Tuesday, 10 November 2009



Garden Room, House of St Barnabas, London: 1 Oct 2018 (special opening evening Fri 26 Oct) - 31 March 2019

Curated by Paul Carey-Kent

The Garden Room is characterised by an ostentatiously verdurous wallpaper, in keeping with its giving out directly into the club’s courtyard garden. ‘Intensity’ starts from that point and from the growing view that plants -  as is made evident by the threat of global warming - deserve more recognition, philosophically and environmentally, than they have historically received.
That is in line with Emanuele Coccia’s argument in his recent book La Vie des Plantes (2016). After all, plants are the agents which produce the atmospheric oxygen necessary to human and animal life. Moreover, it is only plants which can exploit the primary source of energy available on earth: it is their transformation of sunshine into stored biomass which provides the basis for animal development.  Coccia also praises their lifelong growth; their ability to bridge the aerial and subterranean worlds, mediating agent between earth and sky; the variation and seduction of flowers; and even their communal sexual life - as ‘with animals, sex normally takes place between two individuals of the same species. Whereas with plants, sex is a cosmic event. It makes use of other animals, bees, meteorological agents, like rain and wind. It’s a beautiful thing that to have sex, plants need more than two individuals. They need a whole world'.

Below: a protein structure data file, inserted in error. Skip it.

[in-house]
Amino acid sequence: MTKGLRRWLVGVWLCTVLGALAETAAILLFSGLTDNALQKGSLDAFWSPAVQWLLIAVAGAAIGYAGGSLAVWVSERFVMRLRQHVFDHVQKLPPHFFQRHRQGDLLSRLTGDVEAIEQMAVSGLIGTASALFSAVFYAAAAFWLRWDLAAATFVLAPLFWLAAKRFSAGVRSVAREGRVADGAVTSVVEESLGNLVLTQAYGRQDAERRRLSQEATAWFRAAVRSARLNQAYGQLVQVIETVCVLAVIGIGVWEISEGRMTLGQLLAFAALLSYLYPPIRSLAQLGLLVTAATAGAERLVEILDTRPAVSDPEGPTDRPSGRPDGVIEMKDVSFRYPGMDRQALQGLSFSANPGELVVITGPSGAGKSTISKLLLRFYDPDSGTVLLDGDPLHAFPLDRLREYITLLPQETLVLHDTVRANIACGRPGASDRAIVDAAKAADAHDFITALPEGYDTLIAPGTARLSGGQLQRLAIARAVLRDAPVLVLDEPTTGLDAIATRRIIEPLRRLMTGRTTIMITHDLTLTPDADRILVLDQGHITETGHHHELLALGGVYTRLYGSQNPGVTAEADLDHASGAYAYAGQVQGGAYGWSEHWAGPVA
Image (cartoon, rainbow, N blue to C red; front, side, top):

That may not sound directly relevant to art, but Coccia also says that 'plants have no hands with which to manipulate the world, and yet it would be difficult to find defter agents for the construction of forms'. He explains that the seed is traditionally a form of rationality, as it exemplifies a force able to draw forth incredible forms from matter. In his words ‘matter itself seeks, invents, produces its forms of life and rationality simultaneously. And the force that allows this was often called artistic force. In Greek, there is only one word for art, technique, and reason’. 

The six artists here don’t illustrate Coccia’s text, but all have made works which refer – directly or indirectly – to the botanic. Three make works which look abstract, but which introduce organic forms, rhythms and references into apparently mechanic and geometric processes in which labour and repetition are prominent. The other three use figuration drawn from a broad spread of culturally significant sources to set up parallels between human and vegetal activity. All six bring a particular intensity of focus and labour to the small formats  required by the space.

Marie Harnett

Flowers, 2018 - Pencil on paper, 9.5 x 17 cm

 Room 2, 2018  - Pencil on paper, 9 x 16 cm